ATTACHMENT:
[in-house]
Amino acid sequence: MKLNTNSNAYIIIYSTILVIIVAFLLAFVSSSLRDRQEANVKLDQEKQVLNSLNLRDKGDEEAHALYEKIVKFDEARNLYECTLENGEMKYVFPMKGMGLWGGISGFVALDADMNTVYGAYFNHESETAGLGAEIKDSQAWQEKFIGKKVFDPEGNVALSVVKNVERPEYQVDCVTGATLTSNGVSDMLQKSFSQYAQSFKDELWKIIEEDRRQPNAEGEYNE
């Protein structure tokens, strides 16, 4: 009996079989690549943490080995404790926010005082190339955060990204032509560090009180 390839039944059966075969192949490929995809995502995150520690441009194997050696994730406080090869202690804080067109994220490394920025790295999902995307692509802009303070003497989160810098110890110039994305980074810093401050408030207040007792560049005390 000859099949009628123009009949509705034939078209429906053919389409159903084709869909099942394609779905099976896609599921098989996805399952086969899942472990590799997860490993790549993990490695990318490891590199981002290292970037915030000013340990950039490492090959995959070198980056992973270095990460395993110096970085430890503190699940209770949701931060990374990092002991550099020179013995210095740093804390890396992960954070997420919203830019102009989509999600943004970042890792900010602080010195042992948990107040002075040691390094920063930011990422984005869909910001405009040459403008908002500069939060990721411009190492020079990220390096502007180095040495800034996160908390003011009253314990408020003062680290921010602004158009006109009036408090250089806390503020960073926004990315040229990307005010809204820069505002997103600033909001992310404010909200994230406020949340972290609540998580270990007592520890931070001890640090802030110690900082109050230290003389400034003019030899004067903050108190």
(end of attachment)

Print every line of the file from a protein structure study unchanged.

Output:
[in-house]
Amino acid sequence: MKLNTNSNAYIIIYSTILVIIVAFLLAFVSSSLRDRQEANVKLDQEKQVLNSLNLRDKGDEEAHALYEKIVKFDEARNLYECTLENGEMKYVFPMKGMGLWGGISGFVALDADMNTVYGAYFNHESETAGLGAEIKDSQAWQEKFIGKKVFDPEGNVALSVVKNVERPEYQVDCVTGATLTSNGVSDMLQKSFSQYAQSFKDELWKIIEEDRRQPNAEGEYNE
């Protein structure tokens, strides 16, 4: 009996079989690549943490080995404790926010005082190339955060990204032509560090009180 390839039944059966075969192949490929995809995502995150520690441009194997050696994730406080090869202690804080067109994220490394920025790295999902995307692509802009303070003497989160810098110890110039994305980074810093401050408030207040007792560049005390 000859099949009628123009009949509705034939078209429906053919389409159903084709869909099942394609779905099976896609599921098989996805399952086969899942472990590799997860490993790549993990490695990318490891590199981002290292970037915030000013340990950039490492090959995959070198980056992973270095990460395993110096970085430890503190699940209770949701931060990374990092002991550099020179013995210095740093804390890396992960954070997420919203830019102009989509999600943004970042890792900010602080010195042992948990107040002075040691390094920063930011990422984005869909910001405009040459403008908002500069939060990721411009190492020079990220390096502007180095040495800034996160908390003011009253314990408020003062680290921010602004158009006109009036408090250089806390503020960073926004990315040229990307005010809204820069505002997103600033909001992310404010909200994230406020949340972290609540998580270990007592520890931070001890640090802030110690900082109050230290003389400034003019030899004067903050108190």